395 blasts a road straight (almost) through the Mojave desert from Adelanto and north and north and north up the eastern spine of California, clear past state line. The first stretch of it, up to Kramer Junction, is mostly flat – littered with creosote bushes and other small brush plants that also inhabit my yard, but whose names I do not know. Aside from 395 and a line of power poles, it is all open space. Desert and sky. I think if I have a ghost, I would haunt this beautiful place.
North of Kramer Junction, the road continues flat for a while, but then rises past Atolia (population 0), Red Mountain (population unlisted) and Johannesburg (population 130) before tracking through the El Paso Mountains and into Ridgecrest. Ridgegcrest is neither on a ridge, nor on the crest of anything. It was originally called Crumbville, but when the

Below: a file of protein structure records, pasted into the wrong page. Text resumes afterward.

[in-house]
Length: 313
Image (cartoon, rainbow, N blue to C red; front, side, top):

China Lake Navy base was built, (yes, that’s a US Navy** base in the middle of the desert) there was a decision to rename the town, and a lady suggested
Ridgecrest because she had lived in a place of that name somewhere back east (that I figure probably was built on the crest of some ridge) and no one could think of anything better.
It’s always nice when you drive into town and see your name in lights. The Maturango Museum was ready for me and we were on time. We spent two hours unloading, unpacking and setting up the show and then took the rest of the day off – it was quite “toasty” outside. Arriving at the Heritage Inn Hotel, which comped us the room, I approached the front desk and told the lady my name, and she knew exactly who we were.
I wrote this on Thursday evening, but the hotel’s internet took the evening off sick, so no posting until today. Was able to post this via the museum’s internet while setting up for my presentation at the reception this evening.